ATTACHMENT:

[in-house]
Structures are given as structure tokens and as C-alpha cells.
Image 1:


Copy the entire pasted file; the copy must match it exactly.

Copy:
[in-house]
Structures are given as structure tokens and as C-alpha cells.
Image 1: